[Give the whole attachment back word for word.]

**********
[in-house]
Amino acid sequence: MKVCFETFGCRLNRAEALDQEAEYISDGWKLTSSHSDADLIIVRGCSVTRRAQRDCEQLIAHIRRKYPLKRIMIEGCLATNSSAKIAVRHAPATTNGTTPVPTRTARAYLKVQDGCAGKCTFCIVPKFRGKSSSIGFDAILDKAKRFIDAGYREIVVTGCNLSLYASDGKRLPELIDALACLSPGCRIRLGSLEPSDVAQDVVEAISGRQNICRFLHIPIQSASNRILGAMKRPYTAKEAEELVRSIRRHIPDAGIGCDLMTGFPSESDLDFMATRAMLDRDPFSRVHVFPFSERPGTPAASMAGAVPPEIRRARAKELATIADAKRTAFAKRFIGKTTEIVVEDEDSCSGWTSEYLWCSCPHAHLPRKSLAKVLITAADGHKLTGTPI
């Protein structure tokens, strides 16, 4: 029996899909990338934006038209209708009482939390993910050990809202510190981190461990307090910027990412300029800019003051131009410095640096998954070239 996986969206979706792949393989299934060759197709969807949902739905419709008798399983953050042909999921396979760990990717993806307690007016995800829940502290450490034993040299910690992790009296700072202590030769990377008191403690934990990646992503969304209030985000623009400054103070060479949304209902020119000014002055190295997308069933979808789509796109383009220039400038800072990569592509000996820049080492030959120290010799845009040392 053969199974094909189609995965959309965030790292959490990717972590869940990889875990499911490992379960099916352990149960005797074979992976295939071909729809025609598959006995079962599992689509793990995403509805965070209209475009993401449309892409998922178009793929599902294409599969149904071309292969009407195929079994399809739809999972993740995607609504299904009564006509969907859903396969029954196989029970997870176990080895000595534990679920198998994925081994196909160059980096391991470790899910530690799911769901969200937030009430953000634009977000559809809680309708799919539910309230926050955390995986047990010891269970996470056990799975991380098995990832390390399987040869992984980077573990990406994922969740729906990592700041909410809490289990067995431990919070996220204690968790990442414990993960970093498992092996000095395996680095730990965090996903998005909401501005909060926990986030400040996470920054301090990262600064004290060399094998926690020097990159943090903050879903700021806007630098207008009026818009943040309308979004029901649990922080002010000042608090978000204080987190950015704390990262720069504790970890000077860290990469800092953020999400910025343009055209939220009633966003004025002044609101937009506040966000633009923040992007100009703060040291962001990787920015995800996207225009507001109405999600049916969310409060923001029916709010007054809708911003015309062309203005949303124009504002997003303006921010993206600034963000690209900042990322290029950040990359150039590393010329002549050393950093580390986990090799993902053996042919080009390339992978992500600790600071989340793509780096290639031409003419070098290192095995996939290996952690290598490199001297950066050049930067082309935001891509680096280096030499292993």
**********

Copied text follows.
[in-house]
Amino acid sequence: MKVCFETFGCRLNRAEALDQEAEYISDGWKLTSSHSDADLIIVRGCSVTRRAQRDCEQLIAHIRRKYPLKRIMIEGCLATNSSAKIAVRHAPATTNGTTPVPTRTARAYLKVQDGCAGKCTFCIVPKFRGKSSSIGFDAILDKAKRFIDAGYREIVVTGCNLSLYASDGKRLPELIDALACLSPGCRIRLGSLEPSDVAQDVVEAISGRQNICRFLHIPIQSASNRILGAMKRPYTAKEAEELVRSIRRHIPDAGIGCDLMTGFPSESDLDFMATRAMLDRDPFSRVHVFPFSERPGTPAASMAGAVPPEIRRARAKELATIADAKRTAFAKRFIGKTTEIVVEDEDSCSGWTSEYLWCSCPHAHLPRKSLAKVLITAADGHKLTGTPI
């Protein structure tokens, strides 16, 4: 029996899909990338934006038209209708009482939390993910050990809202510190981190461990307090910027990412300029800019003051131009410095640096998954070239 996986969206979706792949393989299934060759197709969807949902739905419709008798399983953050042909999921396979760990990717993806307690007016995800829940502290450490034993040299910690992790009296700072202590030769990377008191403690934990990646992503969304209030985000623009400054103070060479949304209902020119000014002055190295997308069933979808789509796109383009220039400038800072990569592509000996820049080492030959120290010799845009040392 053969199974094909189609995965959309965030790292959490990717972590869940990889875990499911490992379960099916352990149960005797074979992976295939071909729809025609598959006995079962599992689509793990995403509805965070209209475009993401449309892409998922178009793929599902294409599969149904071309292969009407195929079994399809739809999972993740995607609504299904009564006509969907859903396969029954196989029970997870176990080895000595534990679920198998994925081994196909160059980096391991470790899910530690799911769901969200937030009430953000634009977000559809809680309708799919539910309230926050955390995986047990010891269970996470056990799975991380098995990832390390399987040869992984980077573990990406994922969740729906990592700041909410809490289990067995431990919070996220204690968790990442414990993960970093498992092996000095395996680095730990965090996903998005909401501005909060926990986030400040996470920054301090990262600064004290060399094998926690020097990159943090903050879903700021806007630098207008009026818009943040309308979004029901649990922080002010000042608090978000204080987190950015704390990262720069504790970890000077860290990469800092953020999400910025343009055209939220009633966003004025002044609101937009506040966000633009923040992007100009703060040291962001990787920015995800996207225009507001109405999600049916969310409060923001029916709010007054809708911003015309062309203005949303124009504002997003303006921010993206600034963000690209900042990322290029950040990359150039590393010329002549050393950093580390986990090799993902053996042919080009390339992978992500600790600071989340793509780096290639031409003419070098290192095995996939290996952690290598490199001297950066050049930067082309935001891509680096280096030499292993």